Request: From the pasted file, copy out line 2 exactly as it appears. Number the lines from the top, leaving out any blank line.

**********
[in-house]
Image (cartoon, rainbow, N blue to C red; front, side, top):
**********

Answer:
Image (cartoon, rainbow, N blue to C red; front, side, top):